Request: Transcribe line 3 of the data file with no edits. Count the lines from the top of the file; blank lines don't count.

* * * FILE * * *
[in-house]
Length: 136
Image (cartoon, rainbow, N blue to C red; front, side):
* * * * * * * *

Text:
Image (cartoon, rainbow, N blue to C red; front, side):